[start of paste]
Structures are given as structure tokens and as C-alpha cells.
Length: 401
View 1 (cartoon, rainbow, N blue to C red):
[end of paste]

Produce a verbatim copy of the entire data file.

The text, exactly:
Structures are given as structure tokens and as C-alpha cells.
Length: 401
View 1 (cartoon, rainbow, N blue to C red):